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Nanometers in uv gel curing

Nanometers Misunderstood: Clarifying Wavelengths in UV Gel Curing


Some people are using the term “nanometers” incorrectly when talking about UV gel manicures or enhancements.

Nanometers are not what cure UV curing products; they are simply a unit of measurement, equivalent to one billionth of a meter, used to describe the wavelengths of light. It is these specific wavelengths that are crucial in curing the product.

Exploring the Spectrum: The Range of Wavelengths Emitted by UV Nail Lamps

Nail lamps don’t just emit a single wavelength. They actually give off a range of wavelengths. For example, a 405 nm lamp emits wavelengths ranging from 420 to 390 nanometers (nm), with 405 nm being the center of this range. Similarly, 365 nm lamps emit wavelengths ranging from 380 to 350 nm, with 365 nm being the center.

Beyond Wavelengths: The Crucial Role of Intensity in Proper UV Curing

It’s important to note that wavelength range isn’t the only factor in curing nail products. The intensity of the light is just as important, in fact it is crucial to proper curing. Cheaper lamps often have a low intensity, which means they don’t cure the product properly. Both the intensity and the wavelength range need to be correct for proper curing to occur.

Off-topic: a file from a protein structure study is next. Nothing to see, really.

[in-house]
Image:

Think about how the sun tans your skin differently in the winter compared to the summer. The UV light from the sun is the same, but the intensity is lower during the winter months. So, intensity matters a lot.

Understanding the Real Measures of Nail Lamp Effectiveness

Some companies that sell cheap lamps might try to trick you by focusing on wattage instead of intensity. But wattage only tells you how much electricity the lamp uses, not the intensity of the UV light. UV intensity is measured in units called mW/cm2, not watts.

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